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Why are healthy pregnancies important?

Having a healthy pregnancy is one of the best ways to have a healthy birth. Things like getting early and regular prenatal care and getting support from ancillary services such as care coordinators or doulas can play a role in helping women have a healthy birth outcome. Women on Medicaid and women of color are less likely to get early prenatal care and other supports and are more likely to have a worse outcome for themselves or their baby. HealthPartners is working to improve access to prenatal care and supports for pregnant women, especially women of color to reduce these disparities.

What did we do to improve pregnancy care among our members?

The Healthy Pregnancy program is a HealthPartners program for our members who are pregnant and have a higher risk for problems in their pregnancy. Members who enroll in this program get extra support from a nurse throughout their pregnancy.

  • We updated how we identify women who are higher risk by using all the data that we have available to us.
  • We offer a Healthy Pregnancy assessment where women can answer questions about their current health and questions related to their pregnancy, including support services they may benefit from.
  • We offer an incentive for women to take the Healthy Pregnancy assessment, and an incentive to complete at least three calls with a Healthy Pregnancy nurse.

We created the MyPregnancy experience which offers on-line education and support during the pregnancy.

  • Members are sent information on a regular basis that is relevant to them based on the healthy pregnancy assessment and their due date.
  • We created content that covers the topics that are important to people on Medicaid such as the benefits for pregnant women like car seats, doulas, breastfeeding support, insurance coverage for newborns and postpartum health issues.
  • Resources are personalized based on the members race and ethnicity, preferences identified in the assessment and their location in Minnesota.
  • We connect members to online educational materials and videos about pregnancy, including information about nutrition, chest feeding, caring for your newborn, mental health and well-being, and pregnancy complications like preeclampsia and gestational diabetes.

Doulas are a covered benefit for women on state health insurance in Minnesota, but a lot of people do not know that. We wanted to make doulas more available to anyone who would like to work with one.

  • HealthPartners worked with our primary doula agency to certify several more doulas to serve women on Medicaid, focused on training doulas who are Black, Indigenous, and other women of color.
  • We gave the doula agency a grant to cover the costs for the training and the registration on the state website. One training was help in the twin cities metro and the other was held in the St. Cloud area.
  • We educated our staff about the availability of doulas and our provider network about the value that doulas can bring to women, especially women of color.
  • We increased the amount we pay for doulas who work with our Medicaid members.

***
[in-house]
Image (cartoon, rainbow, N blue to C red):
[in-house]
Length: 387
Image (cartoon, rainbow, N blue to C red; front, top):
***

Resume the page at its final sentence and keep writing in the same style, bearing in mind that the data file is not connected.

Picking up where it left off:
How do we collaborate with providers?

We sent information to our provider network about the importance disparities that women of color face and the availability of the Healthy Pregnancy program and the value that doulas could offer to pregnant women.

We collaborated with the other Minnesota Medicaid health plans to offer webinars to providers about racism in health care and how to achieve health equity. These webinars were well attended and people who attended felt they learned new information and skills.

What challenges did we face?

It can be hard to identify and reach out to women early in their pregnancy to tell them about the services available to them. Sometimes women can't get scheduled for their first prenatal appointment early and we don’t receive claims until much later, so we don't know they are pregnant.

We often don’t have a current mailing address, email address, or phone number for members. The Healthy Pregnancy program is phone based so people may not want to use their limited minutes to talk to the Healthy Pregnancy nurse.

The amount of payment by Medicaid for doula services is much lower than for doulas who are privately paid. This discourages doulas from agreeing to serve women on Medicaid.


In 2021, a total of 2947 Medicaid members visited the My Pregnancy web experience.

  • The most common page visited was the benefits page, followed by the find a pediatric provider page.
  • The average time spent on the site per visit was 23.61 minutes.
  • Most members accessed the site from a mobile phone (77.67%) followed by another device such as a computer (21.17%) and a tablet (1.15%).
  • American Indian (27.53 minutes) and Hispanic members (31.84%) spent longer on the site than other groups.

In 2021, 1,422 Medicaid members were identified as eligible for the Healthy Pregnancy program. Of those, 413 worked with a nurse, for a 29% engagement rate. In addition, 357 received the incentive for completing the program.

More women used doula services in 2021 than had in the year before the pandemic.

  Baseline (12 months ending 10/8/19) 2021
  White Non-white Unknown Total members White Non-white Unknown Total
L&D Session 16 21  37  15  32  55 
Non- L&D 19  25  44  32  48  85 
Unique Members 69 Unique Members 96

Ongoing work

This worked was started in 2021 and will be ongoing. We will monitor prenatal and postpartum care rates and other measures of birth outcomes to see how effective these programs are. We will continue to work with our provider network, our Healthy Pregnancy program and the community to improve pregnancy care and reduce disparities in birth outcomes for all women.

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